Climate Fact: When Will the Pika Peak?
Many people think of Polar Bears when they think about climate change, but they aren’t the only animals feeling the impacts. On Endangered Species Day, pandas, gorillas and tigers will get attention, but far away from the limelight, high in the mountains of western North America, the American Pika will continue its slow retreat from rising temperatures. You won’t find its name on the Endangered Species List yet, but this adorable rabbit-relative is an indicator of the ecological effects of climate change. In the past century, warmer temperatures have crept up mountain sides, forcing Pikas to move up in search of the cool, moist climates to which they’re accustomed.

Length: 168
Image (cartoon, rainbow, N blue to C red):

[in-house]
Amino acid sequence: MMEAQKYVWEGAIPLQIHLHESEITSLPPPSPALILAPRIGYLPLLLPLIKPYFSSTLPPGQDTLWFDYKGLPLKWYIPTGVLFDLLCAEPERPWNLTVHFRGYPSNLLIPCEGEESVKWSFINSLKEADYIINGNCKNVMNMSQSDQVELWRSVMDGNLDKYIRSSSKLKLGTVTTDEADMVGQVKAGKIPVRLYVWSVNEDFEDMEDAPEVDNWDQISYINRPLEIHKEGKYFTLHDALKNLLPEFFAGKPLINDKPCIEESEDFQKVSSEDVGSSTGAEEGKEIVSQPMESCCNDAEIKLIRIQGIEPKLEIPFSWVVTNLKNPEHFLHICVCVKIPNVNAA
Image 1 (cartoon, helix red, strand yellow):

Scientists have been monitoring 25 local populations of Pika since 1898 and by 2008, nine of them were extinct. Rising temperatures have been blamed for a five-fold increase in local Pika extinction rates across the Great Basin, and this trend is only accelerating. Pika ranges are now shrinking eleven times faster than they were only ten years ago as suitable habitats rise at an average of 145 meters (475 feet) per decade. If these trends continue, the American Pika will be in trouble, so keep this animal in mind when you observe Endangered Species Day.
Image courtesy of U.S. Fish and Wildlife Service.
(Sources: E. A. Beever et al. 2010, “Testing alternative models of climate-mediated extirpations,” Ecological Applications, 20:1, doi: 10.1890/08-1011.1; E. A. Beever et al. 2011, “Contemporary climate change alters the pace and drivers of extinction,” Global Change Biology, 17:6, doi: 10.1111/j.1365-2486.2010.02389.x)